The Poor: Lending Their Secrets, Part 5
When I stumbled upon two hundred and ninety-eight anonymous graves in Ossipee, New Hampshire, my world would never be the same. Except for three graves, they are marked with numbers only.
My determination, combined with my research, unearthed the identities of two hundred and sixty-eight souls. In the early days of this journey, I was told that there were no records of those buried in the pauper cemetery. I went to the historical society, the local library, the town office, and the county courthouse. The consensus was that the records were destroyed in a fire. Go away.
While sifting through various historical records in the library, I realized that the best place to dig would be the town hall. The vital records may provide clues regarding the causes of death and offer a clear timeline. Committed to restoring these souls’ names, honor, and dignity, throwing in the towel was not an option. I am not one to give up easily.
I was given a free pass to visit the vault in the town hall. Naturally, it is overflowing with records, which is precisely where I needed to be. I looked in the Master Cemetery Index of Ossipee, New Hampshire Cemeteries and found many well-documented cemeteries. The pauper cemetery of my research is part of a section of a public cemetery currently in use.
Every record contains a detailed map, a list of each individual buried, and the corresponding plot number. Each cemetery is assigned a number. The adjoining public cemetery is referred to as #123, and there is a brief reference to cemetery # 123b. Unlike the other cemeteries, there is no list of people buried there. We are talking about a glaring blank page.
To locate cemetery # 123b, I turned my attention to map books. It was essential to validate that I was looking at the correct records. While leafing through the pages, I came across an eight-page list of # 123b County Cemetery. It lists the location as next to #123 Large Ossipee, Route 171, Map 20.
At first, I was ecstatic, but then the magnitude of holding the previously unknown paupers' names washed over me. Accessing real names meant that these people had become genuine, and I sensed them differently than before this discovery. It was a unique sense of relief.
The list contains the grave number, name, birthplace, date of death, and age. This experience offered an important lesson. Leave no stone unturned, as the right information may be tucked away in the wrong place. This was certainly the case for me.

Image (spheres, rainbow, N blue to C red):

I wanted to authenticate the data on this list, so I continued my research in the town’s vital records. The burials began as early as 1870, and the town records do not start until 1887. I had a seventeen-year time span to investigate. This was possible because the local funeral home—Lords, still in business today—was the source of records from 1870 until the present.
In 1887, beginning with grave number 101, the records are available through the town’s vital statistics. I matched the name, date of death, birthplace, and age on the list with the town records. The records are accurate and consistent. I also recorded any additional information available from the town records. Depending upon who the town clerk was, I obtained data regarding the deceased’s occupation and cause of death. Also, during some years, parents’ names were listed. This information was extremely helpful in weaving together a portrait of the individual with the scope of the culture and poor farm of Carroll County.
For instance, a woman might be listed as a mother of an infant and the father as unknown. It is reasonable to conclude that this woman was an unwed mother. I cringe to think of her wearing a gown of a different color to indicate her immoral status amongst her peers.
I was also able to comprehend the attitude—past and present—towards paupers. In some cases, under the occupation column, they were listed as paupers, farmers, or laborers. There is one woman referred to as an Indian Woman. (In the narrative, she emerges as Nellie.) The same holds true for the mentally disabled and the elderly. Sometimes, the cause of death was listed as senility, insanity, or old age.
When reviewing the statistical data, the results indicate that most of those buried in the pauper cemetery were elderly.
The majority of paupers buried in this cemetery were born in Carroll County and nearby communities. However, along with people from other parts of the country, there were immigrants. Due to the expanding Industrial Revolution and Reconstruction Era, it was common for immigrants to settle in urban areas. Still, some ended up living on the poor farm. This is presented in the statistical information provided in this study.
For unknown reasons, various people listed as buried in the pauper cemetery were mentioned in the funeral home records but not the town records. I distinguished my research origins and recorded the source being either the town’s vital statistics or Lord’s Funeral Home. This statistical data is provided in my research.
The intricacies and social response to this process is a book in itself.